Many enterprises have still not progressed in their software testing processes as they should have. A failure in putting the latest best practices in action, an absence of capabilities using the latest technologies and tools, and complications in putting together the right team and the much-needed skill sets are all together hindrances. Moreover, the faster pace that is driven by DevOps and Agile methodologies only tends to expose those inadequacies and limitations further.
In different surveys conducted in the near past, participants have stated that at different instances their teams are facing challenges due to the increasing complexity of software testing and the mounting pressure to guarantee smooth and seamless processes and integrations.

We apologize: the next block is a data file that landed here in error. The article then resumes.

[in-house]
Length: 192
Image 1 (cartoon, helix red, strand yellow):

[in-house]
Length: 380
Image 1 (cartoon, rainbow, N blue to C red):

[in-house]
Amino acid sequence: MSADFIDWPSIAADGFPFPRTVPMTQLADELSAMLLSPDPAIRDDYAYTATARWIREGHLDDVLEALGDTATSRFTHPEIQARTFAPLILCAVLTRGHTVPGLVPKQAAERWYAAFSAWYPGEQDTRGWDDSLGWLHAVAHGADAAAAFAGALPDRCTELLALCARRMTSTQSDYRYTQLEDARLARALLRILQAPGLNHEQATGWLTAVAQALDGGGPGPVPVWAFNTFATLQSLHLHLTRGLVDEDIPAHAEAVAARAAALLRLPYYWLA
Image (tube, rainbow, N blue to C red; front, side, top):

Looking at these surveys closely, one can easily derive that employees have felt a high degree of difficulty and complications have risen due to the technology disruption. Additionally, they feel that they don’t have enough time to dedicate to testing of new apps and services, which is why they are being pushed into production without going through proper QA procedures.
To cater to this situation, enterprises and organizations can either outsource their QA work to a top-notch software testing company in the market or adopt automation testing to accelerate test cycle time. Since, test automation is significant for evolving their DevOps and Agile goals, a majority of enterprises adopted automation in only 25% of their total testing assignments. In the latest World Quality Report, the average level of automation was identified to be only 16%.
‘No move’ is not the right move!
Without continuous improvement in software delivery, digital projects will fail to accomplish consumer expectations. And when it does, it also crashes the market share, revenue, as well as customer loyalty. Remember the Equifax incident?